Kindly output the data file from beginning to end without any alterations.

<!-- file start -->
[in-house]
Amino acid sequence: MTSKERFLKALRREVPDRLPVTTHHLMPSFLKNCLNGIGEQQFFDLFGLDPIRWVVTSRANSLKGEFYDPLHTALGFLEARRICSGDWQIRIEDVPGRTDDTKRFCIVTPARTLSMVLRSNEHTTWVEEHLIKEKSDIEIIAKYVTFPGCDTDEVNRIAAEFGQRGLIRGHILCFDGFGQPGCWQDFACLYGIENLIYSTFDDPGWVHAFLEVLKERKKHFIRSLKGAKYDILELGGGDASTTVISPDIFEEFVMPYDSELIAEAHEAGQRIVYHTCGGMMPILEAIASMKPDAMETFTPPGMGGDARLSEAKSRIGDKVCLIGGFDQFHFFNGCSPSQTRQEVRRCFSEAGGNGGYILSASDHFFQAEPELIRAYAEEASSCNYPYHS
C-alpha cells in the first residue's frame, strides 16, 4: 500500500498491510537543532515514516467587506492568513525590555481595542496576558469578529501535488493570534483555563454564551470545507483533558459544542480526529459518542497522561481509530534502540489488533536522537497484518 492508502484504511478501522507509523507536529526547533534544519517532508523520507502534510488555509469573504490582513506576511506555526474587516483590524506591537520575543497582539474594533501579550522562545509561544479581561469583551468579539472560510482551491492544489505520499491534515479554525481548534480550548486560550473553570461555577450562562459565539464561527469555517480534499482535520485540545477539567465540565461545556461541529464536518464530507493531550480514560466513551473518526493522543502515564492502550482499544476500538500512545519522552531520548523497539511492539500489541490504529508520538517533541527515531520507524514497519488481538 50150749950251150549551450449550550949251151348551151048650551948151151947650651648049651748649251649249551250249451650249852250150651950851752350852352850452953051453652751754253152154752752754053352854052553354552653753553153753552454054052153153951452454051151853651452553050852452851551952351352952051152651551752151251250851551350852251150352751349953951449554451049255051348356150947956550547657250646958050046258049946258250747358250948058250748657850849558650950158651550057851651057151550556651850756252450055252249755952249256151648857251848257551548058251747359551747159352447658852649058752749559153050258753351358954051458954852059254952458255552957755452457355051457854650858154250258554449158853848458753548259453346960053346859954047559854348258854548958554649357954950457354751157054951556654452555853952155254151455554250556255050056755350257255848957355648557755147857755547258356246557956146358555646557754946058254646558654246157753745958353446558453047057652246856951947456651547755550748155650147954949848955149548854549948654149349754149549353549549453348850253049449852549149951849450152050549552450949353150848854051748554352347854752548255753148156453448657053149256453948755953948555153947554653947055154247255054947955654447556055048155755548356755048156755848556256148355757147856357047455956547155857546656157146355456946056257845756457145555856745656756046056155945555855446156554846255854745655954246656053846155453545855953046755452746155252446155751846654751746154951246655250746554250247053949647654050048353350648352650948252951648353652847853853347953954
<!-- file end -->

[in-house]
Amino acid sequence: MTSKERFLKALRREVPDRLPVTTHHLMPSFLKNCLNGIGEQQFFDLFGLDPIRWVVTSRANSLKGEFYDPLHTALGFLEARRICSGDWQIRIEDVPGRTDDTKRFCIVTPARTLSMVLRSNEHTTWVEEHLIKEKSDIEIIAKYVTFPGCDTDEVNRIAAEFGQRGLIRGHILCFDGFGQPGCWQDFACLYGIENLIYSTFDDPGWVHAFLEVLKERKKHFIRSLKGAKYDILELGGGDASTTVISPDIFEEFVMPYDSELIAEAHEAGQRIVYHTCGGMMPILEAIASMKPDAMETFTPPGMGGDARLSEAKSRIGDKVCLIGGFDQFHFFNGCSPSQTRQEVRRCFSEAGGNGGYILSASDHFFQAEPELIRAYAEEASSCNYPYHS
C-alpha cells in the first residue's frame, strides 16, 4: 500500500498491510537543532515514516467587506492568513525590555481595542496576558469578529501535488493570534483555563454564551470545507483533558459544542480526529459518542497522561481509530534502540489488533536522537497484518 492508502484504511478501522507509523507536529526547533534544519517532508523520507502534510488555509469573504490582513506576511506555526474587516483590524506591537520575543497582539474594533501579550522562545509561544479581561469583551468579539472560510482551491492544489505520499491534515479554525481548534480550548486560550473553570461555577450562562459565539464561527469555517480534499482535520485540545477539567465540565461545556461541529464536518464530507493531550480514560466513551473518526493522543502515564492502550482499544476500538500512545519522552531520548523497539511492539500489541490504529508520538517533541527515531520507524514497519488481538 50150749950251150549551450449550550949251151348551151048650551948151151947650651648049651748649251649249551250249451650249852250150651950851752350852352850452953051453652751754253152154752752754053352854052553354552653753553153753552454054052153153951452454051151853651452553050852452851551952351352952051152651551752151251250851551350852251150352751349953951449554451049255051348356150947956550547657250646958050046258049946258250747358250948058250748657850849558650950158651550057851651057151550556651850756252450055252249755952249256151648857251848257551548058251747359551747159352447658852649058752749559153050258753351358954051458954852059254952458255552957755452457355051457854650858154250258554449158853848458753548259453346960053346859954047559854348258854548958554649357954950457354751157054951556654452555853952155254151455554250556255050056755350257255848957355648557755147857755547258356246557956146358555646557754946058254646558654246157753745958353446558453047057652246856951947456651547755550748155650147954949848955149548854549948654149349754149549353549549453348850253049449852549149951849450152050549552450949353150848854051748554352347854752548255753148156453448657053149256453948755953948555153947554653947055154247255054947955654447556055048155755548356755048156755848556256148355757147856357047455956547155857546656157146355456946056257845756457145555856745656756046056155945555855446156554846255854745655954246656053846155453545855953046755452746155252446155751846654751746154951246655250746554250247053949647654050048353350648352650948252951648353652847853853347953954